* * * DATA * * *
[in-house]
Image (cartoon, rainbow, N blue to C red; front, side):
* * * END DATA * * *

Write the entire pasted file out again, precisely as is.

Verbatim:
[in-house]
Image (cartoon, rainbow, N blue to C red; front, side):